With the help of family and friends, you can appreciate all that life has to offer. You may even begin to feel better about yourself because you are focused on the bigger picture instead of just living moment-to-moment. That’s a great way to enjoy life – by appreciating yourself for being able to appreciate other people!

Many people believe that when you appreciate the small things in life, you are well on your way to being happy. But, what is happiness?

Most emotions are transitional. This means that you are never in one emotional state for long periods. Emotions are fluid. People who are considered upbeat will have moments of sadness or depression. Even depressed people are not depressed all the time. They have moments of happiness, too. As you explore your emotions, you’ll better appreciate the many moods that we all encounter each day in our human experience.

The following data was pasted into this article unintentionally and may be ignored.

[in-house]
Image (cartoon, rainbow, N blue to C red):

As an example, think about a major event such as a war. When two countries are fighting, both sides lose lives. War is a horrible example of our human condition and can last for several years. But, when the war is over, the countries are euphoric and citizens celebrate. The bloodshed of battle has ended and people return to their homes and begin to repair their infrastructure and heal their family units.

As I travel, I often visit military museums and seek out personal stories of triumph and overcoming adversity. It’s a dramatic example, but well illustrates the varied emotions that evolve based on specific situations.